Evolution of hydraulic traits in closely related species pairs from mediterranean and nonmediterranean environments of North America

Authors

  • Radika Bhaskar,

    1. Department of Biological Sciences, Stanford University, Stanford, CA 94305, USA;
    2. (Present address) Department of Integrative Biology, University of California Berkeley, Berkeley, CA 94720, USA
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  • Alfonso Valiente-Banuet,

    1. Instituto de Ecologia, Universidad Nacional Autonoma de Mexico, Apartado Postal 70-275, UNAM, 04510 Mexico, D.F.;
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  • David D. Ackerly

    1. Department of Integrative Biology, University of California Berkeley, Berkeley, CA 94720, USA;
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Author for correspondence:Radika BhaskarTel: +1 510 6421054Email: radika@gmail.com

Summary

  • • Chaparral shrubs in California experience cool, wet winters and hot, dry summers characteristic of mediterranean-type climates; by contrast, morphologically similar close relatives in central Mexico experience summer rainfall. A comparison of closely related species pairs was conducted to examine whether evolutionary divergences in plant hydraulic conductivity were associated with contrasting seasonality of precipitation.
  • • Six species pairs in Santa Barbara, California and Tehuacan, Mexico were chosen to test for repeated directional divergences across the habitat contrast. Additionally, evolutionary correlations were examined using phylogenetically independent contrasts (PICs) among a suite of hydraulic traits, including stem- and leaf-specific conductivity, resistance to embolism, wood density, inverse Huber value, and minimum seasonal water potential.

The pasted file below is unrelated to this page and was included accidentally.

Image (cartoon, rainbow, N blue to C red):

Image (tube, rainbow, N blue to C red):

• • Leaf-specific conductivity was generally higher in California, but for most hydraulic traits the species pairs exhibited varied evolutionary trajectories across the climate contrast. A significant correlation was found between divergences in xylem resistance to embolism and minimum seasonal water potential, but no evolutionary trade-off was found between resistance and stem conductivity.
  • • Higher leaf-specific conductivity may be adaptive in California, where soil and atmospheric droughts coincide during summer months. This response is consistent with a hydraulic strategy of high leaf water supply under high evaporative demand to prevent excessive drops in water potential.

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